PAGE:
Thousands of years ago, when the Ancient Greeks created temples, they were very exact in every aspect of their measurements and layouts for these buildings. Three main architectural “orders” were known as: Doric, Ionic, and Corinthian. Blair Stover will guide in differentiating these orders.
Overall, the differences can be observed in the most simply recognized styles of the column capitals, or the decoration found at the top part of the columns.
The Doric order was introduced first. This can be observed through plain and undecorated column capitals. The actual columns are fluted and the columns do not have a base. Columns grew faintly larger in circumference toward the base. A specific “entablature”, or decoration above the columns, was included in the Doric order. The frieze at the top might have alternating “triglyphs” and “metopes”. Columns met the frieze at the “architrave”.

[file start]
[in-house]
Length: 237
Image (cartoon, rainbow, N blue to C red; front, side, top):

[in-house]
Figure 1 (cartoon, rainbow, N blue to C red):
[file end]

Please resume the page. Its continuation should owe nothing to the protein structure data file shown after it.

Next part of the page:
The Ionic order can be most easily identified through the scrolled capital at the top of the columns. Created in the Archaic period, it was used more often on the Aegean Islands than it was in the Greek mainland. Along with this most recognizable feature, the fluted columns become thinner at the base. Plain, undecorated friezes replace the triglyphs and metopes.
The Corinthian order was introduced at the latest date, of the three. The Late Classical Priod, 430-323 BC, is when the earliest examples have been found. This style was favored by the architecture in Rome. This order utilized columns topped with ornate capital, small scrolls, and acanthus leaves.
Other features of the Corinthian order mimic those of the Ionic order. The variations of the three orders are now found practically everywhere today, bringing a piece of history with it every time an order is used.